A public notary is a public official – a member of the third and oldest branch of the legal profession in England and Wales, who is appointed by a state government to help deter fraud and are tasked with verifying the authenticity of your most important transactions.
What Does A Notary Public Do?
They witness the signing of the important documents and verifying the identity of the signer(s), their willingness to sign the documents, and their awareness of the contents of the document or transaction.
They are also authorized to conduct general legal practices such as probate and conveyancing. Majority of Public notary also practice as solicitors but neither the Scrivener Notaries do, nor do some 150 of the general notaries.
- Loan Documents
The documents presented to a notary can be in a foreign language. The notary must ensure that both the client and they understand the meaning and effects of the documents. The notaries don’t usually give advice on the meaning and effect of a transaction or a document. It is important that the client shows the notary any advice that he or she has been given by others.
What Identification Does A Notary Public Require?
Following the implementation of the Money Laundering Regulations 2007, notaries are now bound to keep sufficient evidence on their files of the identity and the address of all their clients before they undertake any work.
Each person whose signature they are to certify must provide one of the following original identification documents at the time of the appointment.
- driving license (with photo card)
- firearms license (with photo and signature)
- other government issue ID (with photo and signature)
- residence permit
- national identity card (EEA state members)
- an armed forces pass (with photo and signature)
- benefit book or original notification letter from the Benefits Agency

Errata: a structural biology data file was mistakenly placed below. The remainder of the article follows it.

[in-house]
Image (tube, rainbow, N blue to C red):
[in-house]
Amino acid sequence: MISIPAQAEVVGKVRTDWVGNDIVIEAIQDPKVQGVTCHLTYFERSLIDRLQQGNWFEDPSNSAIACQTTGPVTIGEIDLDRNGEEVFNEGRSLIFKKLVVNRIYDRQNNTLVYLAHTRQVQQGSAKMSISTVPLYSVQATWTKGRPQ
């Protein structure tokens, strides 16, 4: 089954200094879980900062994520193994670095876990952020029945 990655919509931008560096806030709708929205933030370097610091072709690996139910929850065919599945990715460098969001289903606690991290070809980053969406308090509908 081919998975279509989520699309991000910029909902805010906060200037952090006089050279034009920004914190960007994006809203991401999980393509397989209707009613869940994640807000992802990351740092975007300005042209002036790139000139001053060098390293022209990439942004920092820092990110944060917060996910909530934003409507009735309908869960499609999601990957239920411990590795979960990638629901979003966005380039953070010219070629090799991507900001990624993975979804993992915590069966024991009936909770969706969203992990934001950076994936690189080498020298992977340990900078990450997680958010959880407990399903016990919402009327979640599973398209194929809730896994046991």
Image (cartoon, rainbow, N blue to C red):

In addition, notaries also require evidence of residence as well, which can be one of the following documents-
- Bank statement or letter from the bank
- Inland revenue tax demand or self-assessment statement
- Utility bill or council tax bill (not mobile phone bill)
- Tenancy agreement or Housing Association rent card
When a notary public is working for a corporate client, the evidence of the due incorporation of the entity or company is required. This can be one of the following documents:
- Up to date certified copy of the partnership agreement
- Extract from the company register
- Certificate of incorporation
- Latest report and audited accounts
- Evidence of being regulated by a regulatory body such as the Law Society or FSA.
In addition to the above, each individual signatory will need to produce one of the identification documents mentioned above.
What does it cost?
An early indication of the costs can usually be given in advance but so that we can establish the charges please tell us the following:
- What service you need – certifying copy documents, witnessing signatures, obtaining Apostille etc
- The type of documents concerned – for instance, is it a Power of Attorney that you need witnessing
- Who is signing or presenting the documents – are they company papers or personal papers?
- Which country they are to go to.
- How many documents are there?
Rules And Independence
A notary is an independent officer and must not do anything to compromise this. They should not act in matters where they have a personal interest and are subject to professional rules and standards to ensure the protection of their clients. They are also bound to follow the rules on the prevention of money laundering. Notaries must be insured against negligence and dishonesty.
Public Record Kept By A Notary
A notary will keep a full set of the originals or copies of all the official documents that they make. This serves as a permanent public record. They must make these available to all those who have a proper right to see them including their client and any other parties involved in such documents. They also refer to the record to make copies when required.